Washington woman aims to spread life saving message about skin cancer

MelanomaMe's Elaine Taylor and Kerry Rafferty.

MelanomaMe's Elaine Taylor and Kerry Rafferty.

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A woman who was diagnosed with skin cancer is launching a new organisation in the hope of saving lives.

Kerry Rafferty has launched MelanomaMe to help people take steps to prevent skin cancer and support those who have been diagnosed with the condition - just as she was.

The problem mole spotted by a nurse on Kerry Rafferty.

The problem mole spotted by a nurse on Kerry Rafferty.

The 39-year-old, from Washington, was told she had developed it back in August 2015, when a specialist nurse spotted a suspicious mole on her back.

She had to have a procedure - a wide local excision (WLE) - to have it removed as well as a lymph node biopsy to ensure it had not spread.

Kerry, who is being helped by fellow director Elaine Taylor and a team of seven volunteers so far, decided to set up the group after previously working as a counsellor and in hypnotherapy.

She said: “We’re trying to get the word out there to tell people to look after their skin.

We’re trying to get the word out there to tell people to look after their skin.

Kerry Rafferty

“Because I was personally diagnosed with melanoma, I want to spread the message about how they can help themselves.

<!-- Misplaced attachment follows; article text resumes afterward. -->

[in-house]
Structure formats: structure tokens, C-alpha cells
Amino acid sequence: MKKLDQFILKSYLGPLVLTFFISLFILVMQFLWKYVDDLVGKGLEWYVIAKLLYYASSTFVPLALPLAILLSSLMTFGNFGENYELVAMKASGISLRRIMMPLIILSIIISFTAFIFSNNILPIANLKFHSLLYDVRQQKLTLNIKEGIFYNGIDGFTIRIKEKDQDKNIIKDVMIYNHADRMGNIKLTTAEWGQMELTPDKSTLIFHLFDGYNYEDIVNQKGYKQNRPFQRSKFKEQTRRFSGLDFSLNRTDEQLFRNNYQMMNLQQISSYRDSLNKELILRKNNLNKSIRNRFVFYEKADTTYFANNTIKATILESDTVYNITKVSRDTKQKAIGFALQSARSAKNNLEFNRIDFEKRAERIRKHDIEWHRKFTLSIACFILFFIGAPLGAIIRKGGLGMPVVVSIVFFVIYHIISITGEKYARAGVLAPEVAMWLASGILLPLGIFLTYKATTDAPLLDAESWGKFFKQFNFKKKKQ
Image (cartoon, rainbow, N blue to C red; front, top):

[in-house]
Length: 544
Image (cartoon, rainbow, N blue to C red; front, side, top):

“Although I had endured the horrendous stress and anxiety of waiting months for my biopsy then the results, the diagnosis came as a relief initially.

“This was because I finally knew what I was dealing with, it was only skin cancer after all.

“A few days later it hit me and nothing could have prepared me for the impact it had on my mental health over the following year.

The scar left on Kerry Rafferty's back after the removal of a cancerous mole.

The scar left on Kerry Rafferty's back after the removal of a cancerous mole.

“I was under a lot of pressure to return to work not long after my WLE, because to others I was now ‘cured.’

“In my colleagues’ words ‘It’s just a scratch’

“Nobody could imagine the anxiety I felt at a cancer diagnosis and what that meant for my future.

“I was fearful of the cancer recurring as well as developing another primary melanoma.

“My relationships suffered because I felt that no one understood.

“I was insecure and in a constant state of anxiety, to never hear the word ‘all clear’ constantly played on my mind.

“I lost a part of me that I will never get back, but gained a strength to fight against Melanoma and help people to never feel as lonely or isolated as what I did.”

Kerry thanked skin cancer specialist nurse Carol Heslehurst, who spotted her cancerous mole and ensured she underwent further tests which led to a diagnosis.

The organisation, which has been set up as a community interest company, is based in Hendon and is also working in the Victoria Road health practice in Washington.

It has also won a series of contracts to help educate people about skin cancer and its impact and run activities and treatments for those who are dealing with the cancer.

Part of its work will look at helping patients and carers with claiming benefits or raising finances to support them while they are unable to work and offer group sessions.

They will also accompany them to hospital, government appointments and disputes to offer support and talk them through forms for benefits or insurance.

A launch event will be held at the MelanomaMe base at SES The Co-op Centre in White House Road, on Saturday, July 8, from noon to 4pm.

More details about the organisation can be found via www.melanoma-me.org.uk searching for MelanomaMe on Facebook and on Twitter via @MelanomaMe17.

Information about melanoma can also be found through http://www.macmillan.org.uk/information-and-support/melanoma/understanding-cancer